A student driver is assisted by an instructor at a driving institute in Al Qusais, Dubai. For illustrative purposes only. Image Credit: Photo: Virendra Saklani/Gulf News

Dubai: A worker was slapped with a fine of Dh500,000 and jailed for three months for ridiculing the Roads and Transport Authority (RTA) via an email in which he claimed the authority ripped off the poor.

The RTA had received from the 25-year-old Indian worker an email that it deemed as insulting and disdaining as the sender had claimed that the authority took “poor people’s money by making them intentionally fail in driving tests and forcing them to repeat the tests”.

The RTA’s department concerned reported it to Dubai Police.

In the email, he said RTA took poor people’s money by failing them in driving tests intentionally.

On Tuesday, the Dubai Court of First Instance also jailed the accused for three months although he had pleaded not guilty and maintained that he had been frustrated after he failed his driving test.

Records showed the email was sent from the personal email address of the defendant.

Presiding judge Mohammad Jamal fined the accused Dh500,000 for mocking and offending a government department via the email which he sent using his smart phone.

“The mobile device that was used in the crime will be confiscated. The defendant will be deported following the completion of his punishment,” said presiding judge Jamal.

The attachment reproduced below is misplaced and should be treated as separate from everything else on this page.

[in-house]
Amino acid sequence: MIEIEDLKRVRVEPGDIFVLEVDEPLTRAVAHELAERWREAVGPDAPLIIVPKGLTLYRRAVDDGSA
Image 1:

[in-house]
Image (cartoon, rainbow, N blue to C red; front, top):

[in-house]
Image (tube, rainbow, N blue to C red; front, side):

According to the charge sheet, the defendant breached the cybercrime law and misused the email in which he ridiculed RTA.

In the email, the accused mentioned that he was a victim himself and that the RTA took money from the poor, who worked very hard, and that the authority manipulated their emotions.

“I was under frustration,” the accused argued in court.

An RTA official testified that they reported the matter to the police because the email contained phrases and words that were deemed offensive and maligning to the RTA staff.

The defendant was quoted as telling prosecutors that he sent the email from his iPhone.

The prosecutors provided the court with a copy of the email as evidence and asked for the implementation of the toughest punishment applicable, as per the UAE’s cybercrime law.

The defendant was not present in the court when the ruling was issued.

The primary judgement remains subject to appeal within 15 days.